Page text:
Comfort Zone

A couple of years ago I taught an advanced rigging course at a local University. When I received an evaluation from the students after the course, their feedback didn’t surprise me. About 20% of the class really got what I was trying to do, pushing the students out of their comfort zone and making them think for themselves, it wasn’t easy but they stepped up and went for it. About 80% of the class hated it and just wanted to be spoon-fed information and told what to think.

Guess which 20% will be the most successful and will grow to become future leaders in the industry…





“The most creative people have this childlike facility to play.” John Cleese.


Kids learn at an amazing rate, mostly through playing and experimentation, because they’re not afraid of what anyone else thinks. If they screw up, no biggie. Tomorrow’s another day with a whole world of new things to learn and try.


It’s only when we become self aware and start wanting to “fit in” that we stop taking risks and consequently stop opening ourselves up to the opportunity to learn at such a high speed.


As artists we should never be afraid to take time to play.




Results vs Process

Results are what really matters, but there can be so many unknown factors on the road to achieving results that we invent processes to take some of the unknowns out of the equation and improve efficiency.

Then we get tied in to the process and eventually how we do it becomes more important than why we’re doing it. The process has become more important than the result.

Keep questioning the process. If anyone tells you it can’t be changed that’s probably a good indication that it needs to.



Effective Carrots

WTF!!! Effective carrots??? Fred’s really lost it this time!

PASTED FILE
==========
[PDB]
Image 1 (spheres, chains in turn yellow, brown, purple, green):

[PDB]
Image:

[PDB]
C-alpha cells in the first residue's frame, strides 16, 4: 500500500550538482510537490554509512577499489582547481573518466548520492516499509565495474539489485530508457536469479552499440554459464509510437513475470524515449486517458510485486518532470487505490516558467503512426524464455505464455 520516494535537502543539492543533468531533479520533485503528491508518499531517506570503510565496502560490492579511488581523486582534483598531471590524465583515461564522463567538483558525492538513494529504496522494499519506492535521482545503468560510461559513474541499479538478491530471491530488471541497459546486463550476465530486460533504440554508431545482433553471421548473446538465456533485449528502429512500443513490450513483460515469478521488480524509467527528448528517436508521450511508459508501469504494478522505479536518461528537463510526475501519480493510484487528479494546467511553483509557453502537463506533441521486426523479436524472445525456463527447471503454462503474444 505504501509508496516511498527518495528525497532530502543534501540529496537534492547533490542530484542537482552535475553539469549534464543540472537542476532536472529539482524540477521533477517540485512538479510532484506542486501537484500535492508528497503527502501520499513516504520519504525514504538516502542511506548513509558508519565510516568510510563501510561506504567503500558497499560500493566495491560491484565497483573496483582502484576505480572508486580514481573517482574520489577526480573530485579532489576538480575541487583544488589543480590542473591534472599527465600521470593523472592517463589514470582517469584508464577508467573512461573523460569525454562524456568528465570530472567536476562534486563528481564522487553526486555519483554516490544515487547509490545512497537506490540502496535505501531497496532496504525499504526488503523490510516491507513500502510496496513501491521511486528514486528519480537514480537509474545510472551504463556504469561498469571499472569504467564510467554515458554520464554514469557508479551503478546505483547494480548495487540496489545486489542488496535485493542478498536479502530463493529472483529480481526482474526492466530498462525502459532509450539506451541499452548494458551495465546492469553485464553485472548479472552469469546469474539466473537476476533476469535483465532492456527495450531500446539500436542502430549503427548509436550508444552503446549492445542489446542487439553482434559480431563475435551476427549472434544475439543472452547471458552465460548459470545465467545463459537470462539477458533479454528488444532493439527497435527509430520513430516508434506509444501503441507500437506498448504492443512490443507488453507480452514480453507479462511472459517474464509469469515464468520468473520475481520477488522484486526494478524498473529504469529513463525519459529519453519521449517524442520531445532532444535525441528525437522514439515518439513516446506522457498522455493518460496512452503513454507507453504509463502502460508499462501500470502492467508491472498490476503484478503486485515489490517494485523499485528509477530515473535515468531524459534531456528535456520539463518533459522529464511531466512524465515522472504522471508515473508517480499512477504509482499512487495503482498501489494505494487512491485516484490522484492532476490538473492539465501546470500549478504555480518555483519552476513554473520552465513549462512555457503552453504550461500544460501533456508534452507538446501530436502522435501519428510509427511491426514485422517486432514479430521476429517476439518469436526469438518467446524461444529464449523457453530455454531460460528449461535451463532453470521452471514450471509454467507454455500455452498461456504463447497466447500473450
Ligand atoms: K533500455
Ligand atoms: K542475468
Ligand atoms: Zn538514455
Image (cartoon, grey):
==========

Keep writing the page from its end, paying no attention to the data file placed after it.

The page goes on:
True, but there is method to my madness. I’m thinking of the carrot and stick analogy for motivating creative employees and from everything I’ve thought about this subject I can boil it down to 3 key motivators.


Money works of course, but only for a short time. A pay rise is appreciated at first, but soon becomes the new norm and can even be resented if too much time passes before another one is given. If there’s any hint that someone else is earning more then money as a primary motivator can actually have the opposite effect.

I’m not suggesting for a second that employers shouldn’t pay their employees a very competitive wage, they absolutely should if they respect their employees. Salary on its own though is an ineffective motivator for loyalty and effective working practices.


Validation can be so much more effective, and is a renewable resource. For artists, feeling like our work is seen and appreciated is priceless, and costs a company or supervisor nothing except a little humility. A cost that is sadly too great for many to bear.

If a creative employee goes home each night with a feeling that their contribution to the team and the project was of value, and was valued by their superiors, then it is so much easier for them to keep putting in more and more effort.


Growth is another human need that has a double benefit. To be supported in progressing towards our career aspirations not only benefits the employee but also the employer who gains a more skilled and appreciative worker. If we work in roles that have no progression, where we know we’ll be fighting the same battles over and over for years to come, passion for the work can quickly fade. Some people like the stability of this, but often they’re not the passionate ones who want to work their butts off and make a difference. To really inspire continuous energy, most people need a sense of growth and accomplishment.

This can be very challenging for leaders and employers, as it can mean taking risks in moving people out of roles in which they are proven and trusted and into roles where they don’t yet have a track record. I would argue that it’s a bigger risk to keep them in the same role, as you risk either losing their drive or losing them altogether.